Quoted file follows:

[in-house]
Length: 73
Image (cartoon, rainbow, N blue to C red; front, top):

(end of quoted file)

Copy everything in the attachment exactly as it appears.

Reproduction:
[in-house]
Length: 73
Image (cartoon, rainbow, N blue to C red; front, top):